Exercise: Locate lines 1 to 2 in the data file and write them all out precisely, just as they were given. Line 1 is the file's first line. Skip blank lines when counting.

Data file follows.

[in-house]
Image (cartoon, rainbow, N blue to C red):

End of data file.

[in-house]
Image (cartoon, rainbow, N blue to C red):